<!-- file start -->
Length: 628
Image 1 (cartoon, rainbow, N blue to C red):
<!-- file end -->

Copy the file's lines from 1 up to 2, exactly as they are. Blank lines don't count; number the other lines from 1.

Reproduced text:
Length: 628
Image 1 (cartoon, rainbow, N blue to C red):